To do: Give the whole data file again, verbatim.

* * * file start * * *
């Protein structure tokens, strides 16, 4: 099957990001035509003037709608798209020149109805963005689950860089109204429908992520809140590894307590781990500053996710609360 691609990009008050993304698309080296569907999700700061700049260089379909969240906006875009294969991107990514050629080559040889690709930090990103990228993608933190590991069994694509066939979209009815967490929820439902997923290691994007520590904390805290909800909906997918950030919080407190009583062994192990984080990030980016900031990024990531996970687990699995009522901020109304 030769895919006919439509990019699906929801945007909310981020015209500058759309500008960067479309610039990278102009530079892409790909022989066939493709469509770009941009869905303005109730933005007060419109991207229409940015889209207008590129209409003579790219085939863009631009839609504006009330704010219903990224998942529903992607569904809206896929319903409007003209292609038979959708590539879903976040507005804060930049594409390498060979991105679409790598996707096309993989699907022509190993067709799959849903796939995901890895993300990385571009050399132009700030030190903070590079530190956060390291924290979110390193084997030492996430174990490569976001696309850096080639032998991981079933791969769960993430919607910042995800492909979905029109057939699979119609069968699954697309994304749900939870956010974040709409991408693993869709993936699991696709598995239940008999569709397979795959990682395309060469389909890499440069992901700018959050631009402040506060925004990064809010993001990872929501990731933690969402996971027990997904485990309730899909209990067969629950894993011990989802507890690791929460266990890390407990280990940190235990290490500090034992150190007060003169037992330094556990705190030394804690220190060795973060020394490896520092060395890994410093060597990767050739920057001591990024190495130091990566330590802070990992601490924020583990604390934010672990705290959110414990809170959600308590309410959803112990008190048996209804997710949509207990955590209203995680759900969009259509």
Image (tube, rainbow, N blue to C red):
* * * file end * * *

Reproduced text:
């Protein structure tokens, strides 16, 4: 099957990001035509003037709608798209020149109805963005689950860089109204429908992520809140590894307590781990500053996710609360 691609990009008050993304698309080296569907999700700061700049260089379909969240906006875009294969991107990514050629080559040889690709930090990103990228993608933190590991069994694509066939979209009815967490929820439902997923290691994007520590904390805290909800909906997918950030919080407190009583062994192990984080990030980016900031990024990531996970687990699995009522901020109304 030769895919006919439509990019699906929801945007909310981020015209500058759309500008960067479309610039990278102009530079892409790909022989066939493709469509770009941009869905303005109730933005007060419109991207229409940015889209207008590129209409003579790219085939863009631009839609504006009330704010219903990224998942529903992607569904809206896929319903409007003209292609038979959708590539879903976040507005804060930049594409390498060979991105679409790598996707096309993989699907022509190993067709799959849903796939995901890895993300990385571009050399132009700030030190903070590079530190956060390291924290979110390193084997030492996430174990490569976001696309850096080639032998991981079933791969769960993430919607910042995800492909979905029109057939699979119609069968699954697309994304749900939870956010974040709409991408693993869709993936699991696709598995239940008999569709397979795959990682395309060469389909890499440069992901700018959050631009402040506060925004990064809010993001990872929501990731933690969402996971027990997904485990309730899909209990067969629950894993011990989802507890690791929460266990890390407990280990940190235990290490500090034992150190007060003169037992330094556990705190030394804690220190060795973060020394490896520092060395890994410093060597990767050739920057001591990024190495130091990566330590802070990992601490924020583990604390934010672990705290959110414990809170959600308590309410959803112990008190048996209804997710949509207990955590209203995680759900969009259509």
Image (tube, rainbow, N blue to C red):